By the time of the 2000 Presidential campaign, the flurry of activity that followed the end of inspections had subsided, and on Iraq there was not much apparent difference between Clinton’s position, Al Gore’s position, and Bush’s position. All three men were nominally for “regime change,” without suggesting an immediate way to achieve it. “In any Administration, the question is, How do you raise an issue from one that people with a narrow portfolio worry about to one that people with a broad portfolio worry about,” Stephen Sestanovich, another high diplomatic official in the Clinton Administration, whom I saw in Washington last week, told me. (Sestanovich now works at the Washington office of the Council on Foreign Relations.) “Iraq was a problem the regional specialists saw as very serious, but they could never get their argument accepted above the level of regional specialists.” That was as true in the early Bush days as in the late Clinton ones.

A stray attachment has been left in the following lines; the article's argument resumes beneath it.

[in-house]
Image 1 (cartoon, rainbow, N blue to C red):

Then, when Iraq did become an issue of Presidential importance, Washington followed George Bush’s lead. The foreign-policy consensus shifted, from the view that Saddam represented a second-order-of-magnitude problem to the view that it was worth a war to get rid of him, but only if it was an international effort like the first Gulf War. And most people believed that’s what would happen, once Bush had acceded to Colin Powell’s request to go to the United Nations to line up support. Surely, people felt, the rest of the world would come around to the new American position—even the balky Russians and French. As Sestanovich put it, “The anti-American stance is a familiar French thing, not entirely cynical, not entirely principled. They’d know when to call it off. After they’d been French for a while, they’d stop being French. People thought they understood the limits of the game and it would be over at a certain point. And then it wasn’t. And it turned out that the Russians were prepared to be French, as long as the French were being French.”